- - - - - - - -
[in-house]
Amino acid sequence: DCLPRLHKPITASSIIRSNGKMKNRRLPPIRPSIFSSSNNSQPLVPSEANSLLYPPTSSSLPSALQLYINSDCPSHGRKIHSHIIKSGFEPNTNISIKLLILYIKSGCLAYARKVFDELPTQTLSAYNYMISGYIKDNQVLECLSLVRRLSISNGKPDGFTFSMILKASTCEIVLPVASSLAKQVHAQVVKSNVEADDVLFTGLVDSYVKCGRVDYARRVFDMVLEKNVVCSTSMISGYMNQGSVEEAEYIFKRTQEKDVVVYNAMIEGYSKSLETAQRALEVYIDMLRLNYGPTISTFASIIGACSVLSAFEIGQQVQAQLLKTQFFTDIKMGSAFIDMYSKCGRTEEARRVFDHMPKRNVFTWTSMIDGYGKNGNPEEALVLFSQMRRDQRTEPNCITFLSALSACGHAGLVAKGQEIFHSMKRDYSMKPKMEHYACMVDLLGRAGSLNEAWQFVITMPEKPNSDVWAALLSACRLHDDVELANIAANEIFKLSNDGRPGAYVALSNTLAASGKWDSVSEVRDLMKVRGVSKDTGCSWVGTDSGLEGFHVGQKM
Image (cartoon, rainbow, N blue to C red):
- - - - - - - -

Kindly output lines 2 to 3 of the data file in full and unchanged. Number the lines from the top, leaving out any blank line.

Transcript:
Amino acid sequence: DCLPRLHKPITASSIIRSNGKMKNRRLPPIRPSIFSSSNNSQPLVPSEANSLLYPPTSSSLPSALQLYINSDCPSHGRKIHSHIIKSGFEPNTNISIKLLILYIKSGCLAYARKVFDELPTQTLSAYNYMISGYIKDNQVLECLSLVRRLSISNGKPDGFTFSMILKASTCEIVLPVASSLAKQVHAQVVKSNVEADDVLFTGLVDSYVKCGRVDYARRVFDMVLEKNVVCSTSMISGYMNQGSVEEAEYIFKRTQEKDVVVYNAMIEGYSKSLETAQRALEVYIDMLRLNYGPTISTFASIIGACSVLSAFEIGQQVQAQLLKTQFFTDIKMGSAFIDMYSKCGRTEEARRVFDHMPKRNVFTWTSMIDGYGKNGNPEEALVLFSQMRRDQRTEPNCITFLSALSACGHAGLVAKGQEIFHSMKRDYSMKPKMEHYACMVDLLGRAGSLNEAWQFVITMPEKPNSDVWAALLSACRLHDDVELANIAANEIFKLSNDGRPGAYVALSNTLAASGKWDSVSEVRDLMKVRGVSKDTGCSWVGTDSGLEGFHVGQKM
Image (cartoon, rainbow, N blue to C red):